You, Philip Tan, your history is a rich vibrant tapestry that’s filled with brilliant cross- stitches and frayed ends. And that story is carried through your sons.
INT. EDITING ROOM – NIGHT
As Lewis Tan, the enormity of your father’s life is a yoke and a quail’s egg—both heavy and fragile at the same time. That’s where the short film you’re editing comes into play. It’s a 20-minute action piece that you’ve directed as well as acted in. You wanted to see if you can do it. If anything, the process can be described as juggling—first as a director, you can address the performance, the light, the camera angle, costumes, every single thing within the frame; then as an actor, you need to be present, your only function is to live and respond as the character living and responding, as the character. You can’t inhabit both roles at the same time, you always need to switch between the two.
Then when we cut, I’m immediately bombarded
by a hundred questions: what are we going to do
after this? What lens do you want to use
for this scene? What colour should it be?
And I’m still thinking about what I just did
and how I can make the scene better.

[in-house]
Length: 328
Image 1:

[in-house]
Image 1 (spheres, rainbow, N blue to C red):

It may have been an exhausting ordeal but strangely enough, you enjoyed the process. If the experience had taught you anything, it’s that if you’re able to get through a 20-minute action film, you can do a feature-length film.
For now, the current thing that occupies your plate is Mortal Kombat. Your role in it remains a secret. Mortal Kombat was in development hell for the longest time, but now it has finally finished production and has a tentative release on 16 April. Joe Taslim is in it. So is Hiroyuki Sanada. You gushed about working with them and the immense gratitude for being part of this. You’ve never worked harder on a film than Mortal Kombat.
And yet at the same time, you don’t see it as work. Beneath the sore muscles, the fatigue, there is still that sense of play. It’s a mentality that you still hold on to.